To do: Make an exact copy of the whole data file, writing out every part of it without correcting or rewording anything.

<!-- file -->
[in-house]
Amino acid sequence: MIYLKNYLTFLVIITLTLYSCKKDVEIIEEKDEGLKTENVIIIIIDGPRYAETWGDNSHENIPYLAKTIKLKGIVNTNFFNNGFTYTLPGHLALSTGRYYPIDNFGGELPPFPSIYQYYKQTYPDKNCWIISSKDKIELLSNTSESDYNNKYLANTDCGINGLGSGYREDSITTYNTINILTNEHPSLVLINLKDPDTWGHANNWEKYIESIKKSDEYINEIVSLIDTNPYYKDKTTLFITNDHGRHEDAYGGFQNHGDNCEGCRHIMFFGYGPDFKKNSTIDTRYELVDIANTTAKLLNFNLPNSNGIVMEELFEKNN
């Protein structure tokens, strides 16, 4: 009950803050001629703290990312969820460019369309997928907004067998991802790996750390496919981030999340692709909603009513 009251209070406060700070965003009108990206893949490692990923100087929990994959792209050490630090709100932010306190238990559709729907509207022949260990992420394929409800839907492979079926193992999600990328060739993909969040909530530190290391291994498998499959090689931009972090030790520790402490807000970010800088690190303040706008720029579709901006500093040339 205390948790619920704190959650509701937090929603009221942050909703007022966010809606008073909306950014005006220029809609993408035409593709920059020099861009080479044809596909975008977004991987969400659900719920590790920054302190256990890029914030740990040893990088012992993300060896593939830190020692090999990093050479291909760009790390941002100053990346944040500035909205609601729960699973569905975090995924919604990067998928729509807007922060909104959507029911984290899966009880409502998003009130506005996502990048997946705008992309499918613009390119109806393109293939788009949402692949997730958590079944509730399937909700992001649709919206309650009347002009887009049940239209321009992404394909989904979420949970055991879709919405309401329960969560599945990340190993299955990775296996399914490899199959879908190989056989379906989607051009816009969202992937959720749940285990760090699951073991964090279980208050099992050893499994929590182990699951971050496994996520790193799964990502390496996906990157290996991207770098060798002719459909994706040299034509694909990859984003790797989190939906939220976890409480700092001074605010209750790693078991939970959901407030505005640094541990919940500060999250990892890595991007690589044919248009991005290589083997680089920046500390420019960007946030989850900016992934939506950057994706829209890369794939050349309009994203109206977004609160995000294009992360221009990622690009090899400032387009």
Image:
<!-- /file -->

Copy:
[in-house]
Amino acid sequence: MIYLKNYLTFLVIITLTLYSCKKDVEIIEEKDEGLKTENVIIIIIDGPRYAETWGDNSHENIPYLAKTIKLKGIVNTNFFNNGFTYTLPGHLALSTGRYYPIDNFGGELPPFPSIYQYYKQTYPDKNCWIISSKDKIELLSNTSESDYNNKYLANTDCGINGLGSGYREDSITTYNTINILTNEHPSLVLINLKDPDTWGHANNWEKYIESIKKSDEYINEIVSLIDTNPYYKDKTTLFITNDHGRHEDAYGGFQNHGDNCEGCRHIMFFGYGPDFKKNSTIDTRYELVDIANTTAKLLNFNLPNSNGIVMEELFEKNN
């Protein structure tokens, strides 16, 4: 009950803050001629703290990312969820460019369309997928907004067998991802790996750390496919981030999340692709909603009513 009251209070406060700070965003009108990206893949490692990923100087929990994959792209050490630090709100932010306190238990559709729907509207022949260990992420394929409800839907492979079926193992999600990328060739993909969040909530530190290391291994498998499959090689931009972090030790520790402490807000970010800088690190303040706008720029579709901006500093040339 205390948790619920704190959650509701937090929603009221942050909703007022966010809606008073909306950014005006220029809609993408035409593709920059020099861009080479044809596909975008977004991987969400659900719920590790920054302190256990890029914030740990040893990088012992993300060896593939830190020692090999990093050479291909760009790390941002100053990346944040500035909205609601729960699973569905975090995924919604990067998928729509807007922060909104959507029911984290899966009880409502998003009130506005996502990048997946705008992309499918613009390119109806393109293939788009949402692949997730958590079944509730399937909700992001649709919206309650009347002009887009049940239209321009992404394909989904979420949970055991879709919405309401329960969560599945990340190993299955990775296996399914490899199959879908190989056989379906989607051009816009969202992937959720749940285990760090699951073991964090279980208050099992050893499994929590182990699951971050496994996520790193799964990502390496996906990157290996991207770098060798002719459909994706040299034509694909990859984003790797989190939906939220976890409480700092001074605010209750790693078991939970959901407030505005640094541990919940500060999250990892890595991007690589044919248009991005290589083997680089920046500390420019960007946030989850900016992934939506950057994706829209890369794939050349309009994203109206977004609160995000294009992360221009990622690009090899400032387009």
Image: